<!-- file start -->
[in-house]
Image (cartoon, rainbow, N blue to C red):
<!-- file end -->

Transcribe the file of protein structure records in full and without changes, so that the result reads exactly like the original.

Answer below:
[in-house]
Image (cartoon, rainbow, N blue to C red):